Jump to content
Hondo's Bar

Welsh farmer creates world's hottest chili: might kill if eaten


Recommended Posts



The previous record-holder for hottest chili in the world, the ominous-sounding Carolina Reaper, has had to officially move aside to make way for the aptly monikered Dragon’s Breath chili – a chili so hot no one has actually eaten it yet, for fear it could kill you. How? By literally burning your airways, as if you were breathing fire.


The chili was, however, grown in collaboration with scientists from Nottingham Trent University, who are interested in the medicinal use of chilis as an anesthetic. It was they who verified that the Dragon’s Breath scored the highest rating ever recorded on the Scoville heat scale, 2.48 million, beating the rival Reaper, which measures 2.2 million.


The scientists believe that if you tried to actually eat this chili, your airways would likely close up from the burn and you’d go into anaphylactic shock and die. However, that doesn’t mean it isn’t a force for good, not evil.


The capsaicin oil from it is so potent it numbs the skin, giving it excellent potential as an anesthetic, especially for those allergic to painkillers, or even for use in developing countries where access to and funding for anesthetics is limited.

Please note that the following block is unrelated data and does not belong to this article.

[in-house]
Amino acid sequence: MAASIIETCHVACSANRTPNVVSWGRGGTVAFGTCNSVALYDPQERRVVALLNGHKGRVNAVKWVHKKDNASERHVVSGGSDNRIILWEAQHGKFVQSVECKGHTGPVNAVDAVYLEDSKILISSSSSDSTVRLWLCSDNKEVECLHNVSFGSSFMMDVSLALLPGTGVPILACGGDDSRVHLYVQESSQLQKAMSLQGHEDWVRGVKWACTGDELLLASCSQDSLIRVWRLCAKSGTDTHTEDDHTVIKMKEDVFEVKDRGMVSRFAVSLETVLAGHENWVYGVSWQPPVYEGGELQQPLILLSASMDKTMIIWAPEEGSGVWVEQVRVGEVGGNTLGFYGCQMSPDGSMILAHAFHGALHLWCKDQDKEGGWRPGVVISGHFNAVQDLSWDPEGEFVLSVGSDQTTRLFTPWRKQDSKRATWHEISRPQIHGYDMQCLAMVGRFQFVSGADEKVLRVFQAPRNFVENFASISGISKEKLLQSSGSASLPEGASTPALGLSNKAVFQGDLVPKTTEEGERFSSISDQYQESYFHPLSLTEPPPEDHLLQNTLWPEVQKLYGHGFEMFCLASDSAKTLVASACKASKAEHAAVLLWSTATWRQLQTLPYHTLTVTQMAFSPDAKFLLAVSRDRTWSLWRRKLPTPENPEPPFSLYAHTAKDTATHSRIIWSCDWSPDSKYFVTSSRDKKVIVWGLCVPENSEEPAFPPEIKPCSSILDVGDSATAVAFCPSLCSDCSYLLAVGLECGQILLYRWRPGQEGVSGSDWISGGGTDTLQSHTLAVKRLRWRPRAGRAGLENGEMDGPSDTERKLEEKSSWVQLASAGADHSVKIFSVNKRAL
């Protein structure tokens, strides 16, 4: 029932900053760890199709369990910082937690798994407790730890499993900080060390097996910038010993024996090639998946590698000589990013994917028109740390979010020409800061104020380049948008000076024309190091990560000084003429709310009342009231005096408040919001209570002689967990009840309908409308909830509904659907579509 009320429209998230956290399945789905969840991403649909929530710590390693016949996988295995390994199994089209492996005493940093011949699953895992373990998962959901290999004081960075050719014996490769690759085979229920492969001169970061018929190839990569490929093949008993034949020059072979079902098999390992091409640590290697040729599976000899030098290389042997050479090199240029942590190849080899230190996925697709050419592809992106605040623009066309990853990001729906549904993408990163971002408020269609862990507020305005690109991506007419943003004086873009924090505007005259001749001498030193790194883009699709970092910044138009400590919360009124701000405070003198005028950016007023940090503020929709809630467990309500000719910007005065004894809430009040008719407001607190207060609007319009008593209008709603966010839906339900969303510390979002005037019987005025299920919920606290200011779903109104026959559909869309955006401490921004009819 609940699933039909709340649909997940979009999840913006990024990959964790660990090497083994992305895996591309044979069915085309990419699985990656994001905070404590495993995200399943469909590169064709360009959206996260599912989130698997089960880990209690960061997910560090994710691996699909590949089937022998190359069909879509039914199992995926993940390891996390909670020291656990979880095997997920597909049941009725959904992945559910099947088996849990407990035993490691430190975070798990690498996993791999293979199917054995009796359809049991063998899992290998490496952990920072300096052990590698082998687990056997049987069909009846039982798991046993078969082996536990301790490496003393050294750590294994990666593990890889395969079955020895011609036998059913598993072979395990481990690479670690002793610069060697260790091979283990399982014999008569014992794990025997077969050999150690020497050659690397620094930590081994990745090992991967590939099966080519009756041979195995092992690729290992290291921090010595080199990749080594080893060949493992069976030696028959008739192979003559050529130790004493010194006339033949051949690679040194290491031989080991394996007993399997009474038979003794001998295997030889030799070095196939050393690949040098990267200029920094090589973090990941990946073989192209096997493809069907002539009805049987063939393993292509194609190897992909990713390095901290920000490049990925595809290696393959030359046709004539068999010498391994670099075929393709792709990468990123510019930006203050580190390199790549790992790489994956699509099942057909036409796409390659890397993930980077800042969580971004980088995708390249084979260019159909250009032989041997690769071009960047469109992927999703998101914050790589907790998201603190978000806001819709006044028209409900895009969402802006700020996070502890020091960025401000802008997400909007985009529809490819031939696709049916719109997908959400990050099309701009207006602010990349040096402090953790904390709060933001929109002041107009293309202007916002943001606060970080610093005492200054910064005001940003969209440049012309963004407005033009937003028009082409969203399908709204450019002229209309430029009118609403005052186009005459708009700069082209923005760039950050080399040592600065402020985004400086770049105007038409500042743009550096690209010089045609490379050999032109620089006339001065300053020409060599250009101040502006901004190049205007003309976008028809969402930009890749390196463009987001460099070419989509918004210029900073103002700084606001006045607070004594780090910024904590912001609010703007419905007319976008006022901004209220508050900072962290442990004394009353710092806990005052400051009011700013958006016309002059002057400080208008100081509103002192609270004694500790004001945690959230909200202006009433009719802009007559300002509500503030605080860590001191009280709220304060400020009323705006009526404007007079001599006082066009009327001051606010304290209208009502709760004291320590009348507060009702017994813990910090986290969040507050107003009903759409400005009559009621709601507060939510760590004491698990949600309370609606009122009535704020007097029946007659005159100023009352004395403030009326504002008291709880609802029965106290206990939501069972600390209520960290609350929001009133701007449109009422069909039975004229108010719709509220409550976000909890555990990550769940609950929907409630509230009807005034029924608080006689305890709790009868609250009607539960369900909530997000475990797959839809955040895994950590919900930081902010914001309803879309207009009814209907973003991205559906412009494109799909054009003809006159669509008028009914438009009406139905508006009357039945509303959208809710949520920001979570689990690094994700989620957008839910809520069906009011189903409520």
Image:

Link to comment
Share on other sites

I can't stand 'spicy' foods... I'm apparently chemically sensitive to Capsaicin to the point I get chemical burns when exposed. It does not trigger anaphylaxis in me so it technically isn't an allergy, but still I can't stand even the mild stuff without being ready for it. I can eat raw onions and garlic like apples and I have survived the cinnamon challenge but if I bite a peppercorn in my soup I'm looking for the milk. Ask Bishop for the story about the tip of a chopstick and Joe's special Hot Sauce.


In the end, I just don't get it. 'Burning Sensation' is not a flavor.


grammar edit

Edited by Drifter
Link to comment
Share on other sites

Mmm, there's a flavor to certain spicy things that's incomparable. But yeah, if you're sensitive to spice, you wouldn't notice that. I mean, pickled jalapenos aren't typically too spicy. And bell peppers? Pffffttt. But there is a point where the spice overrides the flavor even for those of us that enjoy spice. Ryan's tolerance is far higher than mine. Habanero is about as much as I can handle. You know, a lot of the times, it's the seeds and the membranes with the largest amount of the chemical.


Can you even eat Taco Bell? I don't find their stuff spicy, but sometimes I notice my nose runs which tells me there's some kind of pepper in their food.

Link to comment
Share on other sites

Join the conversation

You can post now and register later. If you have an account, sign in now to post with your account.

Reply to this topic...

×   Pasted as rich text.   Paste as plain text instead

  Only 75 emoji are allowed.

×   Your link has been automatically embedded.   Display as a link instead

×   Your previous content has been restored.   Clear editor

×   You cannot paste images directly. Upload or insert images from URL.

  • Create New...